Capitol Hill Daze
Democratic candidate Tom Hattery’s mean attitude had much to do with pushing him away, from me and the electorate; that was 20 years ago when the thought of Beverly Byron losing was almost unthinkable. Mr. Hattery’s primary win was at least shocking to many.
In fact, Mrs. Byron had removed herself to an Olympian cloud. Her manner in dealing with voters could be described as “regal;” she “allowed” her staff to deal with more mundane stuff – letters and complaints involving government, taxes, immigration and various other matters. She was simply too busy as a congressman sitting on committees and boards of directors, especially that for the United States Naval Academy. Mr. Hattery proved how the Byron myth was overstated.
Leading up to 1992, Frederick lay in the world that conservative Democrats dominated. GOP member Roscoe Bartlett came along with his science Ph. D. and independent wealth garnered from patents of his inventions. The first time I met Roscoe was in Winchester Hall. TheTentacle.com publisher/editor John Ashbury and I were invited to judge a candidates’ debate. As I recall John was then a nominal Democrat; he switched parties shortly afterwards. At the same time, the county woke up to a changed reality.
Political boss James E. “Doc” McClellan retired under the threat posed by Republican Anita Stup who switched Winchester Hall for the House of Delegates; she was very much supported by Representative Bartlett. He thrived best when Gregg Cox was his chief of staff; he treated his boss as human, capable of frailties and faults. I recall no apologies Mr. Cox offered; there was none needed.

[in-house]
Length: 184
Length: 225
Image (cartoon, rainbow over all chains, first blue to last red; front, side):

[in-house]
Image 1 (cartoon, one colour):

But his successor, Harold “Bud” Otis, a fellow Seventh-day Adventist, constantly deferred to Dr. Bartlett, elevating him far above the “unruly mob” – Sixth District residents. Press liaison Lisa Wright fully participated in the campaign. The congressman was in danger of permitting himself to become isolated, as was Mrs. Byron, in her turn. Several years ago, at the Barley & Hops restaurant, I tried to point out what was happening. His reply was along the lines that he always came to my house when invited. He completely missed the point. Wife Ellen Bartlett shut down his email address, adding very much to the withdrawal; she came up with answers that generally consisted of the chief of staff’s loyalty and church membership.
What looks from here like a mortal danger to the congressman’s tenure came with the Democrats’ 10-year drawing of new congressional districts, aimed primarily at his Republican seat. Dr. Bartlett hesitated, leading to speculation that he had decided to retire rather than face state Sen. Robert Garagiola: the lines were reportedly selected specifically to favor the Germantown resident. In the gap generated entirely by the incumbent several competitors emerged.
The most surprising was “Bud” Otis. Instantly he was accused of easing his boss out. Bartlett protégé and former employee Alex Mooney formed an explorative committee, so did state Sen. David Brinkley. For his tentative steps, Mr. Otis was fired, supposedly under pressure from Mrs. Bartlett, aided and abetted by Republican State Central Committee chairman Mooney. The pair is held responsible for the 20-year congressman running again. The advisers who encouraged him to stay the primary are accused of personal motives, none benefiting in any way the man who broke the conservative Democratic dominance of Western Maryland.
This time it must be without this column’s support. From my Washington experience, I know my old friend has overextended his Capitol Hill stay; it’s time for Roscoe Bartlett to move on.